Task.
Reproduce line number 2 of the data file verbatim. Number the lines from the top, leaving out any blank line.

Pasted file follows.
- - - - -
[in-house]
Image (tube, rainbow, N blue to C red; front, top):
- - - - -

Image (tube, rainbow, N blue to C red; front, top):